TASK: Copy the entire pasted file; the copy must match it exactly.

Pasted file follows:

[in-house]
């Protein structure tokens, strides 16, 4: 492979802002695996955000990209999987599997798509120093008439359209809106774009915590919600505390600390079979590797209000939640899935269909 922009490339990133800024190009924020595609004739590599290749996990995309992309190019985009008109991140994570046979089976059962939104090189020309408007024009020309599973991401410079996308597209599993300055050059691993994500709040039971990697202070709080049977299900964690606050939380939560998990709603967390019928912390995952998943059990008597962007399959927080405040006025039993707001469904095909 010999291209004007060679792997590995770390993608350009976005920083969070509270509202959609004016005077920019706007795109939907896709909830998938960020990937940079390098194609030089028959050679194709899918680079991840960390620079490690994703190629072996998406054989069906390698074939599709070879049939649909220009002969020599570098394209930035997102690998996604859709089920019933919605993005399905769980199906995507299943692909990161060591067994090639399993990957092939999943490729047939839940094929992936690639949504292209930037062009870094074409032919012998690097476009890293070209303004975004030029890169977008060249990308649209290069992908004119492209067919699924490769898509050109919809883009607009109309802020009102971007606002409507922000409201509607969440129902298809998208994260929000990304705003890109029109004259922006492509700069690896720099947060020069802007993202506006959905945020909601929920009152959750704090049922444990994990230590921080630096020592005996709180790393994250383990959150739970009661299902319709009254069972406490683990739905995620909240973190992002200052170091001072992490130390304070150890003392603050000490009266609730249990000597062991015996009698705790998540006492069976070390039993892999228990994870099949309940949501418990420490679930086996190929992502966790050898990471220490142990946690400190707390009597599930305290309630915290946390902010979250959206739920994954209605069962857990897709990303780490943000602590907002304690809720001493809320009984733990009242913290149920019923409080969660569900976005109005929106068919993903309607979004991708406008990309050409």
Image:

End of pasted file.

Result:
[in-house]
């Protein structure tokens, strides 16, 4: 492979802002695996955000990209999987599997798509120093008439359209809106774009915590919600505390600390079979590797209000939640899935269909 922009490339990133800024190009924020595609004739590599290749996990995309992309190019985009008109991140994570046979089976059962939104090189020309408007024009020309599973991401410079996308597209599993300055050059691993994500709040039971990697202070709080049977299900964690606050939380939560998990709603967390019928912390995952998943059990008597962007399959927080405040006025039993707001469904095909 010999291209004007060679792997590995770390993608350009976005920083969070509270509202959609004016005077920019706007795109939907896709909830998938960020990937940079390098194609030089028959050679194709899918680079991840960390620079490690994703190629072996998406054989069906390698074939599709070879049939649909220009002969020599570098394209930035997102690998996604859709089920019933919605993005399905769980199906995507299943692909990161060591067994090639399993990957092939999943490729047939839940094929992936690639949504292209930037062009870094074409032919012998690097476009890293070209303004975004030029890169977008060249990308649209290069992908004119492209067919699924490769898509050109919809883009607009109309802020009102971007606002409507922000409201509607969440129902298809998208994260929000990304705003890109029109004259922006492509700069690896720099947060020069802007993202506006959905945020909601929920009152959750704090049922444990994990230590921080630096020592005996709180790393994250383990959150739970009661299902319709009254069972406490683990739905995620909240973190992002200052170091001072992490130390304070150890003392603050000490009266609730249990000597062991015996009698705790998540006492069976070390039993892999228990994870099949309940949501418990420490679930086996190929992502966790050898990471220490142990946690400190707390009597599930305290309630915290946390902010979250959206739920994954209605069962857990897709990303780490943000602590907002304690809720001493809320009984733990009242913290149920019923409080969660569900976005109005929106068919993903309607979004991708406008990309050409």
Image: